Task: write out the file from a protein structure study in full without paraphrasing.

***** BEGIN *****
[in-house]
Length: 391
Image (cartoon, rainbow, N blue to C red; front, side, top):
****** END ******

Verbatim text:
[in-house]
Length: 391
Image (cartoon, rainbow, N blue to C red; front, side, top):